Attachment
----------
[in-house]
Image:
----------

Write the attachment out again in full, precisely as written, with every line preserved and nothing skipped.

[in-house]
Image: